One solution here is to use CSS-in-JS during dev, but compiles them into CSS for build. However, this means that there is now a build step that needs maintaining and takes time. This build step is also potentially more complex than other css preprocessors like SCSS, because it needs to read JS/TS code, which has their own dependency trees and then emit CSS code, then replace some of the JS code output with the emitted CSS class name.
Additionally, using a build script usually means that dynamic styles has to be supported by CSS variables, which introduce its own limitation. The now deprecated emotion static extrator and linaria are two examples.
Ease of debugging
It used to be that CSSStyleSheetAPI takes away our ability to edit style rules directly in browser inspectors. This has since been fixed in Chrome and Firefox, though it’s still an issue in “the new IE” .
How about Inline styles?
This is one other approach in the CSS-in-JS field. However, it has two issues:
- A lot of CSS features aren’t available - no pseduelements, selectors, media queries, states etc.
- Every single element defines its own styles - this can lead to some concerns on performance due to a larger DOM representation per node and likely more DOM mutations
On the other hand, based on what we have just discussed, inline styles also has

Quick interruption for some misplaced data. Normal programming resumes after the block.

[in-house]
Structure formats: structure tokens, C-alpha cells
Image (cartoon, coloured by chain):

some perf advantage over our approach - we get to directly manipulate styles by
modifying attributes of
element.style rather than getting the browser to parse
our CSS strings, though some parsing still has to be done as the browser needs to
parse the property values.
Radium is an example that uses this approach and works around 1 by listening on DOM events to trigger special state or media queries.
ES6 tagged templates
A lot of the popular CSS-in-JS libraries allows for syntax like this
This is done with ES6 tagged templates , which we will explore in a future post.
Things to look forward to
Why on earth can’t CSSStyleSheet support an API like inline styles, where we can set properties directly instead of having to pass raw css strings around? Well, CSS Typed Object Model does exactly that. However, it’s still in experimental stage, and only Chrome and its bastard child Edge support it as of now.